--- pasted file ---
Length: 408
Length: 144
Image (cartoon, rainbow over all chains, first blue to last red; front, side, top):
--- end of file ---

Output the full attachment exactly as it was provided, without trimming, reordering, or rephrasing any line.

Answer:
Length: 408
Length: 144
Image (cartoon, rainbow over all chains, first blue to last red; front, side, top):